When I was a young man headed out into the world, trying to make a success of myself, there was an expression I heard over and over again: “It’s not what you know, it’s who you know.”
The subtext was clear. No matter how smart or capable or driven you might be, it would not be possible to become a true success unless someone who was already established took your hand and guided you through the gates of what might best be described as a members only club.
For the record, I never believed this theory of professional achievement. Or at least I didn’t for many years. And then one day I realized I was wrong.
While the old saw isn’t entirely correct, it’s not entirely wrong either.
Admittedly, those who achieve notable success do not belong to an exclusive club, nor do they make an effort to keep the rest of us from achieving the level of success they have attained. But it would be very difficult to become really good, really successful at pretty much anything without knowing the rules, and the risks, and gaining some insight into what challenges might be encountered along the way.
In that sense at least, the expression is valid. It helps to have a mentor, a guide, someone who can share a tip or two with you as you work you way down the road of life. To a degree at least, who you know can have a direct impact on what you know. And that matters.
Which brings us to my favorite subject of all: General aviation.
Let’s say you’re a young person who is hoping to make something of yourself in the long term. Or perhaps you’re the parent of a young person who you hope to see become self-sufficient, productive, and fruitful over the course of their life. Either way, having an association with general aviation and the people who populate it can be worthwhile.
It’s not about the celebrities you may meet, although there is something to be said for that aspect of the general aviation experience, too. It’s been my good fortune to watch an airshow performer wheel through the aerobatic box overhead, fully aware that the gentleman standing to my right was Chuck Yeager. I’ve found myself ambling along at an airshow, chatting with arguably the greatest pilot of all time, Bob Hoover. I once shook hands and spoke briefly with Frank Borman, the commander of Apollo 8, the first manned space mission to leave earth orbit, visit the moon, and return. I’ve met Tuskegee Airmen, and Flying Tigers, and WASP who tallied accomplishments I will never flirt with in my life.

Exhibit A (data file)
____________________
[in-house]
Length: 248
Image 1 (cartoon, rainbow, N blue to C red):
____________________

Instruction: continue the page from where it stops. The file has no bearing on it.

Those encounters feel pretty special when they happen. The memory is a treasure that lasts, too.
But there’s more than that to general aviation. On the ramp, in the pilot’s lounge, at the lunch counter, and maybe even in the seat next to you, you may encounter lesser known men and women who have something of real benefit to offer you — if only you were given the chance to meet them and establish a relationship, a turn of events that is not an impossibility by any means.
I’m talking about bank presidents, lawyers, doctors, and architects. Car dealers, executives from large regional grocery stores, international retailers, sports figures, musicians, and authors all populate the airport environment from time to time, just like the rest of us. They’re accessible, often friendly, and as drawn to the sound of an aircraft engine overhead as any of the rest of us. At the airport, we are peers. In the boardroom, not so much.
It is unlikely you or your teenage kids will bump into any of these luminaries of business in the hallways of the local high school. I’m not saying it can’t happen, but a general aviation environment is much more conducive to a productive conversation and the building of a fledgling relationship than simply passing someone by on the street.
I will acknowledge I was once passed by Thomas Meskill, the governor of Connecticut, while wandering aimlessly between classes in my sophomore year of high school. Not surprisingly, the governor was surrounded by a phalanx of adults who either could not see me, or didn’t care enough about me and my ratty little teenage peers to stop and talk for a moment. That’s an opportunity lost, for one of us at least.
I’ve never experienced the same bum’s rush at the airport. Neither have my kids.
A couple are only casual airport visitors, but one of my young ‘uns has made a semi-career out of working at the airport. Whether loading passengers into a biplane for a trip around the local area, or working the counter at the FBO, she’s working her way through college and making some great discoveries for herself as she meets a wide variety of people her friends who work at burger joints never seem to meet.
In fairness, the expression that began this column needs some work. Just a little tweak here and there to really make it sing. If I may, I would offer this little twist on words: It’s all about what you know, who you know, and what you do with that knowledge.
I suppose you can make that work anywhere. But it sure seems more appealing, and a whole lot easier, when it happens at the airport.